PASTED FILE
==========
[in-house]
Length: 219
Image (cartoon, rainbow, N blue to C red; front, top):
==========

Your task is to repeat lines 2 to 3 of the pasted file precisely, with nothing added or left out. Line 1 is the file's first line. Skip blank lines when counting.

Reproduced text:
Length: 219
Image (cartoon, rainbow, N blue to C red; front, top):